The quotient::GraphEdge struct is a typedef of a std::pair<quotient::Int, quotient::Int> containing the row and column index.

The class is designed so that the sorting and offset computation overhead can be amortized over batches of edge insertions and removals.

For example, the code block:

#include "quotient.hpp"
quotient::CoordinateGraph graph;
graph.QueueEdgeAddition(3, 4);
graph.QueueEdgeAddition(2, 3);
graph.QueueEdgeAddition(2, 0);
graph.QueueEdgeAddition(4, 2);
graph.QueueEdgeAddition(4, 4);
graph.QueueEdgeAddition(3, 2);
const quotient::Buffer<quotient::GraphEdge>& edges = graph.Edges();

would return a reference to the underlying quotient::Buffer<quotient::GraphEdge> of graph, which should contain the edge sequence:

(2, 0), (2, 3), (3, 2), (3, 4), (4, 2), (4, 4).

Similarly, subsequently running the code block:

graph.QueueEdgeRemoval(2, 3);
graph.QueueEdgeRemoval(0, 4);

would modify the Buffer underlying the edges reference to now contain the edge sequence:

(2, 0), (3, 2), (3, 4), (4, 2), (4, 4).

(Approximate) Minimum Degree reorderings

In the simplest case (using default options), an (Approximate) Minimum Degree [AmestoyEtAl-1996] analysis can be run on a symmetric graph stored in a quotient::CoordinateGraph via:

#include "quotient.hpp"
quotient::MinimumDegreeControl control;
quotient::QuotientGraph quotient_graph(*graph, control);
const quotient::MinimumDegreeResult analysis =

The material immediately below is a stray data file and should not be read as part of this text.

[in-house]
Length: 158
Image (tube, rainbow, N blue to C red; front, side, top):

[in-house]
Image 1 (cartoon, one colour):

The implied permutation (and its inverse) which produces the (Approximate) Minimum Degree reordering can then be extracted via:

quotient::Buffer<quotient::Int> permutation, inverse_permutation;
quotient::InvertPermutation(inverse_permutation, &permutation);

If the sizes of the contiguous (in the permuted ordering) supernodes are desired, they can be extracted using the newly formed permutation via:

quotient::Buffer<quotient::Int> supernode_sizes;
quotient_graph.PermutedSupernodeSizes(inverse_permutation, &supernode_sizes);

The map from each reordered index into the index of its containing supernode can be formed via:

quotient::Buffer<quotient::Int> member_to_supernode;

Said map can then be used to generate the up-links of the supernodal assembly forest via:

quotient::Buffer<quotient::Int> parents;
quotient_graph.PermutedAssemblyParents(permutation, member_to_supernode,

Said graph can be easily visualized by writing it out to a DOT file:

quotient::ForestToDot("your_filename.gv", parents);

An example exercising all of these routines is available in example/matrix_market_minimum_degree.cc.

Testing performance

The default is for Quotient to use 64-bit integers, but there is a noticeable performance difference relative to 32-bit integers due to the work primarily consisting of memory-bound index manipulation. As mentioned above, a release-mode 64-bit version can be built with:

mkdir build-release-64/
meson build-release-64 --buildtype=release
cd build-release-64

whereas a 32-bit, release-mode version can be built with:

mkdir build-release-32/
meson build-release-32 --buildtype=release
cd build-release-32
meson configure -Duse_64bit=false

One could then download and unpack, for example, the LHR34 matrix market description into $HOME/Data/lhr34.mtx and then test performance with and without aggressive absorption using:

time ./matrix_market_minimum_degree --filename="${HOME}/Data/lhr34.mtx" --print_progress=true --aggressive_absorption=true
time ./matrix_market_minimum_degree --filename="${HOME}/Data/lhr34.mtx" --print_progress=true --aggressive_absorption=false


[AmestoyEtAl-1996](1, 2) Patrick R. Amestoy, Timothy A. Davis, and Iain S. Duff, An Approximate Minimum Degree Reordering Algorithm, SIAM J. Matrix Analysis & Applic., 17 (4), pp. 886–905, 1996. DOI: https://doi.org/10.1137/S0895479894278952